The next frontier for electrification may very well be commercial vehicles. Tesla and Daimler are planning different classes of electric trucks, and Workhorse is preparing to launch its extended-range W-15 pickup for fleet use. Now, Ford is getting in on the action. The Blue Oval is teaming with Deutsche Post, the German postal service, to develop a new series of electric vans.
Deutsche Post's StreetScooter division intends to build 2,500 electric urban delivery vans, with production set to start in July.
Deutsche Post was interested in electric delivery vehicles long before Ford came onboard. In 2012, it contracted with StreetScooter (then an independent company) to develop prototype electric vans, before buying the company outright in 2014.
Last year, Deutsche Post unveiled a production electric van of its own design, and now has 2,500 of them in operation. The Ford partnership will focus on larger vehicles. The two companies plan to modify a Transit chassis with an electric powertrain, and put at least 2,500 of these vehicles into service with Deutsche Post by the end of 2018.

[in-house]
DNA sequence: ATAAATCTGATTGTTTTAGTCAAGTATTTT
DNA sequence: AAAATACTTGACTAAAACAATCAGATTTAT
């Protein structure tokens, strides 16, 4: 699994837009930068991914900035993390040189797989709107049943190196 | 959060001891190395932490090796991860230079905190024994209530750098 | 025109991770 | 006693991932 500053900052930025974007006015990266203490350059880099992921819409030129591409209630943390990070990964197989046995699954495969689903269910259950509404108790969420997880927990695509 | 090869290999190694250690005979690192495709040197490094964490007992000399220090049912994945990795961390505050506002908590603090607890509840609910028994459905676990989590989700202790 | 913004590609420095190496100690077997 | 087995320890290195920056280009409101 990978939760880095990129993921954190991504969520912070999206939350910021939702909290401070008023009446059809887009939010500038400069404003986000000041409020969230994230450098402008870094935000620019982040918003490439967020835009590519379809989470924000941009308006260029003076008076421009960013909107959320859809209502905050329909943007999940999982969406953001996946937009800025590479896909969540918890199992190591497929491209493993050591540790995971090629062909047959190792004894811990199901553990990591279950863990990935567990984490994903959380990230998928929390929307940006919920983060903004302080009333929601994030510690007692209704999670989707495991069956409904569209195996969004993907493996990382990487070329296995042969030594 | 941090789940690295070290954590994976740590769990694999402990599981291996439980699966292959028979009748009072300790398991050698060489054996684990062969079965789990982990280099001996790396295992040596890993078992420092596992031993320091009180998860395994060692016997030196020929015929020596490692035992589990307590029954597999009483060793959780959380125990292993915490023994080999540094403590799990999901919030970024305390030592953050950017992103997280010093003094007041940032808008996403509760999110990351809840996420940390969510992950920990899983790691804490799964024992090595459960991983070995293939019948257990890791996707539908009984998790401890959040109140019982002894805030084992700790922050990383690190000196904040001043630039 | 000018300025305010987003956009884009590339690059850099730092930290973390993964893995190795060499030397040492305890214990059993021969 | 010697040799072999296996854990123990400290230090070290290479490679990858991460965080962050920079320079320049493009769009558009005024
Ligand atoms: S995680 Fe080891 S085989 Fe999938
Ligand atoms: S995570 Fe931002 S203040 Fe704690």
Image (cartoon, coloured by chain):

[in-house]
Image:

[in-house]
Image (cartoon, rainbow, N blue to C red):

At the same time, StreetScooter will ramp up production of the smaller delivery van at factories in Aachen and North Rhine-Westphalia. It hopes to eventually manufacture 20,000 vans per year, and allow Deutsche Post to replace all of its internal-combustion delivery vehicles with electric ones. It's an important goal, especially considering that BMW's hometown of Munich may ban diesel cars.
The Deutsche Post partnership is the latest in a series of Ford dalliances with electrified vans. Ford unveiled a prototype Transit Connect hybrid taxi at the 2017 Detroit Auto Show, and is testing plug-in hybrid Transit Custom vans in London. These projects are part of a major Ford push for more hybrids, plug-in hybrids, and electric cars that will eventually yield hybrid versions of the F-150 and Mustang.
But it's unclear how serious Ford is about electrified commercial vehicles for the U.S. market. The Transit Custom plug-in hybrid will go into production in 2019, but only in Europe. Ford hasn't confirmed whether the Transit Connect hybrid will go into production, or whether the electric Transit co-developed with Deutsche Post will be made more widely available.